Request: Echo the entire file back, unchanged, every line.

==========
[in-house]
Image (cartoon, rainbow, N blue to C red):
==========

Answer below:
[in-house]
Image (cartoon, rainbow, N blue to C red):